I found myself with increased blood pressure and reduced muscle stamina in spring and summer 2005. I initially figured it was me getting old but the high blood pressure had me concerned. I started a variety of tests which by the end of 2005 included blood tests for arthritis, a full blown pulmonary function test, a heart echocardiagram and a heart angiogram. No coronary artery blockage to speak of -- I have always had quite low cholorestrol and triglercyrides.
Just to throw a twist on things, my spleen did a spontaneous rupture in early January 2006 for not reason. No trauma that I remember but my blood pressure returned to normal immediately thereafter. After missing four weeks of classes at MSU, I resumed duties there.
My muscle stamina problem did not go away and slowly but steadily worsened. A trip to Stanford medical clinic revealed some undesired protein in my urine in spring 2007. Further testing in Bozeman led to a bone marrow biopsy in July that indicated I had what is called 'smoldering multiple myeloma' -- a cancer of the blood plasma. Smoldering means low enough grade it did not warrant getting treated yet. MM, as it is known, tends to rot one's bones from the inside out, cause anemia and serious bond pain, and damages the immunity system. Most folks with it die from infections.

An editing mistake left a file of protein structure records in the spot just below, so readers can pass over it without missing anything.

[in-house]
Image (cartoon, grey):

I was referred to Wash Univ Med School in St Louis, that operates at Barnes Jewish hospital. I had a second marrow biopsy that confirmed the MM but also sample by DNA to read some chromosones that sometimes predict how aggressive the disease is likely to be. Fortunately, mine are all set for a slow progress and we have been doing survelliance via blood and urine tests since August 2007. None of those tests indicate any progression. Yippee-skippee!
The bad news is the muscles continue to decline. Another slew of tests indicated I had excess calcium in my blood -- apprently from the myeloma kicking it loose. Calcium is how our bodies tell our muscles to cool it when they are being overworked. Too much in the blood mean the muscles are being told to quit working even before they get tired.
A seond thing that results in about 20% of MM cases is called amyloidosis. The MM causes production of amyloid proteins that don't do much damage per se but plug up things like organs (heart, liver, kidneys most common) and the muscles and interfere with how they work. Left unfixed, they can cause fatal organ failures! Preferred treatment is the same as for MM -- a stem cell transpant with high-dose chemo.
So, as of 6/5/08, I have started the process at Barnes Jewish Hospital in St Louis. I had a three plug catheter installed on the right upper shoulder area so I don't get many needle punctures any more. Sounded bad but was a minor procedure with little pain. It is already starting to feel like it belongs. I also began my four days of growth factor shots yesterday. Two minor shots about like a flu shot to do two things. Turbo charge my blood marrow to produce an excess of stem cells (baby blood cells). And, to float those in my blood system, not buried in the marrow. (This used to be called a bone marrow transplant before they tricked the stem cells to get out into the blood system. A much easier way to harvest when they are in the blood itself.)
The possible side effect of the shots is some bone pain from the marrow working so hard. It usually starts the third day if it occurs and ends a couple days after the shots end (on Sunday). I am on a Tylenol routine to minimize that if it happens. Most people get at least some pain. I will let you know in future installments.